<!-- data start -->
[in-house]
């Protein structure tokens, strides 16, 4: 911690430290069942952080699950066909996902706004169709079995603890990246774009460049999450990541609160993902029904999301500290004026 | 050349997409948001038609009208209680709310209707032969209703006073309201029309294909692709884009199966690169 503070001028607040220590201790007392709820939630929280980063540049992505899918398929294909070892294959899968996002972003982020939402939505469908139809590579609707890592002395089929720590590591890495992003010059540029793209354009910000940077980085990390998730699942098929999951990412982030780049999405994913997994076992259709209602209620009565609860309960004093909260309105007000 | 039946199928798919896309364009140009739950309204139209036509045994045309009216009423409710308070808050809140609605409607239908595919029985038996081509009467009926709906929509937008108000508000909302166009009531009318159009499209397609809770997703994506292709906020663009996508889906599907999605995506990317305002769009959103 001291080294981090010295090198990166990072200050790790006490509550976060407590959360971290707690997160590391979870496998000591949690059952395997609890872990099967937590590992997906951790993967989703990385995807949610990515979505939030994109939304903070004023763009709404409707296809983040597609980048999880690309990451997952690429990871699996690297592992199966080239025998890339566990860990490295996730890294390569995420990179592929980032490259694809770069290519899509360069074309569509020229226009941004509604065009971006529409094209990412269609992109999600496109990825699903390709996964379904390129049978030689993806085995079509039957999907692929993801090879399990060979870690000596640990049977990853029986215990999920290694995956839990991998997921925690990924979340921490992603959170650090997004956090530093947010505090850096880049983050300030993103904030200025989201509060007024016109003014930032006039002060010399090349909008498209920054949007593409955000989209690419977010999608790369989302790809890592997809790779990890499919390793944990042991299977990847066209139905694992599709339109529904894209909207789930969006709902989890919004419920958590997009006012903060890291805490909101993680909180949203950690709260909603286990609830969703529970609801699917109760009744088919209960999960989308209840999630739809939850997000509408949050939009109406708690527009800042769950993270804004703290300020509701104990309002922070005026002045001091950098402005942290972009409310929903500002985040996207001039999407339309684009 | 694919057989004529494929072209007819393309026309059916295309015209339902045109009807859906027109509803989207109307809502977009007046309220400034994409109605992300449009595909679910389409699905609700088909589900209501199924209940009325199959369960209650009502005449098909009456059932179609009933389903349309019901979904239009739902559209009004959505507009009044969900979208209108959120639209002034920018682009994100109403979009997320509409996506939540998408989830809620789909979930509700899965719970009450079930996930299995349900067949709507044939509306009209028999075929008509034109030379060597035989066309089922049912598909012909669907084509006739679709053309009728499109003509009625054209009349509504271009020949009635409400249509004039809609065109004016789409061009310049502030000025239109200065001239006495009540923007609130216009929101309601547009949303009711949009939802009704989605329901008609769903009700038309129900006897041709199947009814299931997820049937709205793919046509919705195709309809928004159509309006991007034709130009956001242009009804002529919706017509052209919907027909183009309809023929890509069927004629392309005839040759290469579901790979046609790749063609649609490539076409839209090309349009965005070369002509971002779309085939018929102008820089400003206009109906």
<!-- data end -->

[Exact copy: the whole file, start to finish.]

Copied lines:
[in-house]
């Protein structure tokens, strides 16, 4: 911690430290069942952080699950066909996902706004169709079995603890990246774009460049999450990541609160993902029904999301500290004026 | 050349997409948001038609009208209680709310209707032969209703006073309201029309294909692709884009199966690169 503070001028607040220590201790007392709820939630929280980063540049992505899918398929294909070892294959899968996002972003982020939402939505469908139809590579609707890592002395089929720590590591890495992003010059540029793209354009910000940077980085990390998730699942098929999951990412982030780049999405994913997994076992259709209602209620009565609860309960004093909260309105007000 | 039946199928798919896309364009140009739950309204139209036509045994045309009216009423409710308070808050809140609605409607239908595919029985038996081509009467009926709906929509937008108000508000909302166009009531009318159009499209397609809770997703994506292709906020663009996508889906599907999605995506990317305002769009959103 001291080294981090010295090198990166990072200050790790006490509550976060407590959360971290707690997160590391979870496998000591949690059952395997609890872990099967937590590992997906951790993967989703990385995807949610990515979505939030994109939304903070004023763009709404409707296809983040597609980048999880690309990451997952690429990871699996690297592992199966080239025998890339566990860990490295996730890294390569995420990179592929980032490259694809770069290519899509360069074309569509020229226009941004509604065009971006529409094209990412269609992109999600496109990825699903390709996964379904390129049978030689993806085995079509039957999907692929993801090879399990060979870690000596640990049977990853029986215990999920290694995956839990991998997921925690990924979340921490992603959170650090997004956090530093947010505090850096880049983050300030993103904030200025989201509060007024016109003014930032006039002060010399090349909008498209920054949007593409955000989209690419977010999608790369989302790809890592997809790779990890499919390793944990042991299977990847066209139905694992599709339109529904894209909207789930969006709902989890919004419920958590997009006012903060890291805490909101993680909180949203950690709260909603286990609830969703529970609801699917109760009744088919209960999960989308209840999630739809939850997000509408949050939009109406708690527009800042769950993270804004703290300020509701104990309002922070005026002045001091950098402005942290972009409310929903500002985040996207001039999407339309684009 | 694919057989004529494929072209007819393309026309059916295309015209339902045109009807859906027109509803989207109307809502977009007046309220400034994409109605992300449009595909679910389409699905609700088909589900209501199924209940009325199959369960209650009502005449098909009456059932179609009933389903349309019901979904239009739902559209009004959505507009009044969900979208209108959120639209002034920018682009994100109403979009997320509409996506939540998408989830809620789909979930509700899965719970009450079930996930299995349900067949709507044939509306009209028999075929008509034109030379060597035989066309089922049912598909012909669907084509006739679709053309009728499109003509009625054209009349509504271009020949009635409400249509004039809609065109004016789409061009310049502030000025239109200065001239006495009540923007609130216009929101309601547009949303009711949009939802009704989605329901008609769903009700038309129900006897041709199947009814299931997820049937709205793919046509919705195709309809928004159509309006991007034709130009956001242009009804002529919706017509052209919907027909183009309809023929890509069927004629392309005839040759290469579901790979046609790749063609649609490539076409839209090309349009965005070369002509971002779309085939018929102008820089400003206009109906």